Often I post the camera and/or film used to make images. Why? The information is entirely superfluous. A picture is just a picture regardless of the tool used. I like communing with the history of photography. Starting with the first silver print, new methods evolved each building on the last culminating in digital format. With today’s software one can easily interchange the spirit of a digital or film-based image, however it was created.
This image was made with a beautiful and very old (post WW II) Zeiss Super Ikonta. The Zeiss F 2.8 lens is extremely sharp. It is a rangefinder camera, meaning one does not focus “through the lens”. Focusing is performed from the confluence of two independent rangefinder windows. Unlike old SLR film cameras where the shutter is part of the camera body, the shutter on a rangefinder is in the lens. The click of the shutter is subtle. On this camera, the shutter must be cocked with a lever on the lens. The camera was designed to prevent double exposures unlike many other old folders.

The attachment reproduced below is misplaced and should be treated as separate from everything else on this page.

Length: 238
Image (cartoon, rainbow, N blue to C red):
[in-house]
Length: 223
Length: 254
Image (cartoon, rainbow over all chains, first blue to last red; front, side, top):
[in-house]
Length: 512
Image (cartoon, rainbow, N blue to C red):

The lens folds into the camera. From the pop of a small button, the lens housed at the end of a leather bellows is employed.
No expense was spared to make this beautiful camera, and in its day I am sure it commanded a princely sum.
The film used was Kodak Ektar. I did not edit the image, but in the lab there were unknown choices made for white balance, etc. Every film has unique characteristics. This film has intense saturation and good sharpness. Ordinarily, Ektar shines when shot in lots of light. The light on this day was muted and overcast, intensifying the colors and mood of the image.
My skills have developed to the point where I don’t always meter before shooting. Depending on the camera and the film, determining settings is now instinctual. Shooting film has helped me to become a better photographer regardless of what camera is used.
This is why I continue to shoot film. It’s damned fun.